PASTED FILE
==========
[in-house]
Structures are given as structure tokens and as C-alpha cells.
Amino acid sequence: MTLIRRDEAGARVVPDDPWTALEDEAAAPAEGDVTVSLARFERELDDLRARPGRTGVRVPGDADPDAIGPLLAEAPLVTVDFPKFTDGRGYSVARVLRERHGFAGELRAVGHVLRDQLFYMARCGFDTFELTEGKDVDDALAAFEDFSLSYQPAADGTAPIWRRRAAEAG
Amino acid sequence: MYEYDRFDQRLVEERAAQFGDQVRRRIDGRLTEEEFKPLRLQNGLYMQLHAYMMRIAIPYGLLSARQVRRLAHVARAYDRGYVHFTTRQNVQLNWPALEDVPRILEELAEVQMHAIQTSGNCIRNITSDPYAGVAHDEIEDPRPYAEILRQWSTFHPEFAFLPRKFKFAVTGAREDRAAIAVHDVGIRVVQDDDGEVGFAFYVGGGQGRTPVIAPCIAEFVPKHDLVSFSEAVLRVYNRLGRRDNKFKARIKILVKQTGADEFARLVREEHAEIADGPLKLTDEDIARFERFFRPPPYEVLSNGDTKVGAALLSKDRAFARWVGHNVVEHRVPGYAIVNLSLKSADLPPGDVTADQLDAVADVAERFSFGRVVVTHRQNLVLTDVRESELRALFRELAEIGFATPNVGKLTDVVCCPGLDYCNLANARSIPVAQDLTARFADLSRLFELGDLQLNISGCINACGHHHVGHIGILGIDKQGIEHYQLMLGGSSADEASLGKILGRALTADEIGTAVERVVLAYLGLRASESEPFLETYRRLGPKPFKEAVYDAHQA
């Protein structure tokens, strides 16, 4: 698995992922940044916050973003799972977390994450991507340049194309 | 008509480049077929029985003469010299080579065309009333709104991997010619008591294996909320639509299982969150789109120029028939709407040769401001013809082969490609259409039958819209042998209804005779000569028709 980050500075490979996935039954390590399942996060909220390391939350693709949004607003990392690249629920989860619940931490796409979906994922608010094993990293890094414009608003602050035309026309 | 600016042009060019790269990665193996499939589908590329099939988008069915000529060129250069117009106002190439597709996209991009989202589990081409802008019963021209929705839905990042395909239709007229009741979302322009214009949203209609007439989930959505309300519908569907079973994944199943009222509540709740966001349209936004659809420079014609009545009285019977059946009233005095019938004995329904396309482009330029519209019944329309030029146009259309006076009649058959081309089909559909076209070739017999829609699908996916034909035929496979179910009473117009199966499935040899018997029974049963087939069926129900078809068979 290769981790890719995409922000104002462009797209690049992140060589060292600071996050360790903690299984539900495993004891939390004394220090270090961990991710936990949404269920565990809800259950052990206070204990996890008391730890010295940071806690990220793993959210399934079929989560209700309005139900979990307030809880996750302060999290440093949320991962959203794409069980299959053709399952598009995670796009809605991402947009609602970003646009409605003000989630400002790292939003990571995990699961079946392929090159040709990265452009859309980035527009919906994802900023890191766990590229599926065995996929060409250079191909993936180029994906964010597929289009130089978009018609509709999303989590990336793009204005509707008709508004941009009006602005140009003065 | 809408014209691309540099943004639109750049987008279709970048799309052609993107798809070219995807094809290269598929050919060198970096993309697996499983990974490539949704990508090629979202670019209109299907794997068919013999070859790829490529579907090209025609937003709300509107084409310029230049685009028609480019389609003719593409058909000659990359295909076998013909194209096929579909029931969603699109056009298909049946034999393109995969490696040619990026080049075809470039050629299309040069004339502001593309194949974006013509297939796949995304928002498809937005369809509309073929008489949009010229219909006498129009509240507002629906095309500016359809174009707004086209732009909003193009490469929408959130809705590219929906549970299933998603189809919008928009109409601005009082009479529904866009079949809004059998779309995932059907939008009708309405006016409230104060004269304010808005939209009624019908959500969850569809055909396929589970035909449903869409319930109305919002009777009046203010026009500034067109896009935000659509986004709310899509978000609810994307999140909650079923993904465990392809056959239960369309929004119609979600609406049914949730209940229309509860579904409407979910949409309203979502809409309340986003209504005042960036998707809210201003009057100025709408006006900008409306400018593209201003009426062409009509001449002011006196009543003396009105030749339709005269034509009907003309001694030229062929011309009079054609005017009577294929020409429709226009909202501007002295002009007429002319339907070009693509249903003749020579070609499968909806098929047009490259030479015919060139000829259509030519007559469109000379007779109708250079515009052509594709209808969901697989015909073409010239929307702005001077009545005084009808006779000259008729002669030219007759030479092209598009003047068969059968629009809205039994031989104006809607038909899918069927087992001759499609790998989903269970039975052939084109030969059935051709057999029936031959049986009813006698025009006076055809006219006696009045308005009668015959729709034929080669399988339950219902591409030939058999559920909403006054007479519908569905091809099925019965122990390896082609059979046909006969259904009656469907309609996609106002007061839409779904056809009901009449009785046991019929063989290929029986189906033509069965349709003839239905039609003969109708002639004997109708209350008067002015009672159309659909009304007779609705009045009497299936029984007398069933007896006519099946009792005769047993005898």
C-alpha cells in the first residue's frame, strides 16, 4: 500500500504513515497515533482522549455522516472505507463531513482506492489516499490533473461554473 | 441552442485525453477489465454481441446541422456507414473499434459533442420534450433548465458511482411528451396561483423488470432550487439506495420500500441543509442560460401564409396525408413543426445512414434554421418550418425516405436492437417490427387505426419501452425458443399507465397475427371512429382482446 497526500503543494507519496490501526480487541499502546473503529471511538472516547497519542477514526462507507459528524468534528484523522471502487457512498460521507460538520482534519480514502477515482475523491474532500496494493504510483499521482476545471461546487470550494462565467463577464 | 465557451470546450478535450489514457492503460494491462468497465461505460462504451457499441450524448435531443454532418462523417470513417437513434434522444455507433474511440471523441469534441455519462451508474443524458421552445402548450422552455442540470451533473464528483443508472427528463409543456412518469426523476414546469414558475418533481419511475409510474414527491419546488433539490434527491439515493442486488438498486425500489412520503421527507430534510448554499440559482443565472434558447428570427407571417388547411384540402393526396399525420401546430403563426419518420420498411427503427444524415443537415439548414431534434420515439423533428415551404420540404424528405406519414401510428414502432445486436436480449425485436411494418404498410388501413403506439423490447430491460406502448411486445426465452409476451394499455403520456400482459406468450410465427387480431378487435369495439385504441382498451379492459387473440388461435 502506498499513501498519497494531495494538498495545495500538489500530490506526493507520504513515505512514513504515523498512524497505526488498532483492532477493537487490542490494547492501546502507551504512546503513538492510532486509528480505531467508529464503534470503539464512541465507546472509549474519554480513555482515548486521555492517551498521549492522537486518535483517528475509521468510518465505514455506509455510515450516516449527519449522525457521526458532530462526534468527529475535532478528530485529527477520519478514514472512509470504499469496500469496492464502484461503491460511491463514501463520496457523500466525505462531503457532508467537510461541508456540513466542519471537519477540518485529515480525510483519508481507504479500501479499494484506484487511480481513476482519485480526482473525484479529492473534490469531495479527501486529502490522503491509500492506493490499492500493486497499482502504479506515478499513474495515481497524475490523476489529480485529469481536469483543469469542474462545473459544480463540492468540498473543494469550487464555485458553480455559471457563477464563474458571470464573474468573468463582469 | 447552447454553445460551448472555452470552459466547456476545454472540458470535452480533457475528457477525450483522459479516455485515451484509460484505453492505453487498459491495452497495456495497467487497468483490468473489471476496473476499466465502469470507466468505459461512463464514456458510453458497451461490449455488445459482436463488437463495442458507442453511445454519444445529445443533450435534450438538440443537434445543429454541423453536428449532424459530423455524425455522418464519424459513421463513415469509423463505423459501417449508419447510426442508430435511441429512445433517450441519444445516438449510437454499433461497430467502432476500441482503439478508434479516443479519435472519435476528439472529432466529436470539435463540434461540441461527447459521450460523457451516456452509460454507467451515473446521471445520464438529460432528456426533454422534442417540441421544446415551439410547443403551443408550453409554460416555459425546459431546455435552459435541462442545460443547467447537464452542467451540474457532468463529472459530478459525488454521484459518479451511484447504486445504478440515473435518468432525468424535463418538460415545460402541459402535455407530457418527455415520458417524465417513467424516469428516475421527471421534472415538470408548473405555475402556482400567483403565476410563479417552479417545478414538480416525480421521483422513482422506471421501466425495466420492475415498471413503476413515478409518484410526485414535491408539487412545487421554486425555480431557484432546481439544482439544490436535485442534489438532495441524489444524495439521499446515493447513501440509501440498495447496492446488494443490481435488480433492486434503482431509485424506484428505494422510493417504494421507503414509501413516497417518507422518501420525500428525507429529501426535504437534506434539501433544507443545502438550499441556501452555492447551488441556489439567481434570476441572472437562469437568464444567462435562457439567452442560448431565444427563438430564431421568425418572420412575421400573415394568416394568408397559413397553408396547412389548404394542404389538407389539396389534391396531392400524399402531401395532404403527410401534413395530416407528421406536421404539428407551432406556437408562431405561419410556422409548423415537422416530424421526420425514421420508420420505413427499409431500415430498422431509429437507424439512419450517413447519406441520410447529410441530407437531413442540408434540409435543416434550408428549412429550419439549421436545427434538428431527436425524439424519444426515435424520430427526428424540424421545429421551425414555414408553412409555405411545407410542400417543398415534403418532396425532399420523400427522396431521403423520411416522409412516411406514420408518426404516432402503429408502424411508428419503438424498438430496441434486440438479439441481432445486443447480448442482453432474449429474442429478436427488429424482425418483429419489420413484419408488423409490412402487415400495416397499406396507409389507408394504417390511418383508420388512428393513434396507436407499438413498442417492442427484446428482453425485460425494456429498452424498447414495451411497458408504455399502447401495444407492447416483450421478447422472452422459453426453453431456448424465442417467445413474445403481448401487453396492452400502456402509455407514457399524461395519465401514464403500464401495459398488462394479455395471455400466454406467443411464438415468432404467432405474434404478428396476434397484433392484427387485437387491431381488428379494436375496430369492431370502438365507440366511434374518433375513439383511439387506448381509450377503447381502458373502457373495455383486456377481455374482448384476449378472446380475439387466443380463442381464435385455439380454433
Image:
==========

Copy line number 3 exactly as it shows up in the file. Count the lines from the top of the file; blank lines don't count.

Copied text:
Amino acid sequence: MTLIRRDEAGARVVPDDPWTALEDEAAAPAEGDVTVSLARFERELDDLRARPGRTGVRVPGDADPDAIGPLLAEAPLVTVDFPKFTDGRGYSVARVLRERHGFAGELRAVGHVLRDQLFYMARCGFDTFELTEGKDVDDALAAFEDFSLSYQPAADGTAPIWRRRAAEAG